We report on the design of the RF photoinjector of the Linac Coherent Light Source. The RF photoinjector is required to produce a single 150 MeV bunch of similar to 1 nC and similar to 100 A peak current at a repetition rate of 120 Hz with a normalized rms transverse emittance of similar to 1 pi mm-mrad. The design employs a 1.6-cell S-band RF gun with an optical spot size at the cathode of a radius of similar to 1 mm and a pulse duration with an rms sigma of similar to 3 ps. The peak RF field at the cathode is 150 MV/m with extraction 57 degrees ahead of the RF peak. A solenoidal field near the cathode allows the compensation of the initial emittance growth by the end of the injection linac. Spatial and temporal shaping of the laser pulse striking the cathode will reduce the compensated emittance even further. Also, to minimize the contribution of the thermal emittance from the cathode surface, while at the same time optimizing the quantum efficiency, the laser wavelength for a Cu cathode should be tunable around 260 nm. Following the injection linac the geometric emittance simply damps linearly with energy growth. PARMELA simulations show that this design will produce the desired normalized emittance, which is about a factor of two lower than has been achieved to date in other systems. In addition to low emittance, we also aim for laser amplitude stability of 1% in the UV and a timing jitter in the electron beam of 0.5 ps rms, which will lead to less than 10% beam intensity fluctuation after the electron bunch is compressed in the main linac.
The beam dynamics of an integrated S-band RF photoinjector based on the plane wave transformer (PWT) concept, proposed as part of an SBIR collaboration between UCLA and DULY Research, are studied. The design, which calls for an 11.5 cell structure run at a peak accelerating field of 60 MV/m and uses a compact solenoid around the initial 2.5 cells, is based on a recently developed theory of emittance compensation. It calls for matching the beam onto a generalized equilibrium envelope, which produces a beam which diminishes in transverse size monotonically with acceleration. This condition minimizes the emittance, which is 1 mm-rad at Q=1 nC. This design is also scaled to produce nearly identical performance at X-band, giving an injector appropriate to running an FEL at the SLAC NLCTA. These designs are insensitive to RF emittance increase, allowing a wide choice of injection phase, and the option to compress the emitted pulse. (8 References).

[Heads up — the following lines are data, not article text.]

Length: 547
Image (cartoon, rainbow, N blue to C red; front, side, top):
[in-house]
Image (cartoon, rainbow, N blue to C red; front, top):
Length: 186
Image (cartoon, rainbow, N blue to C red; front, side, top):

The BNL/SLAC/UCLA symmetrized 1.6 Cell S-band emittance-compensated photoinjector has been installed at the Brookhaven Accelerator Test Facility (ATF). The commissioning results and performance of the photocathode injector are presented. This emittance-compensated photoinjector consists of the symmetrized BNL/SLAC/UCLA 1.6 cell S-band photocathode radio-frequency (RF) gun and a single solenoidal magnet for transverse emittance compensation. The highest acceleration field achieved on the cathode is 150 MV/m, and the normal operating field is 130 MV/m. The quantum efficiency of the copper cathode was measured to be 4.5*10/sup -5/. The transverse emittance and bunch length of the photoelectron beam were measured. The optimized RMS normalized emittance for a charge of 300 pC is 0.7 pi mm-mrad. The bunch length dependency of photoelectron beam on the RF gun phase and acceleration fields were experimentally investigated. (11 References).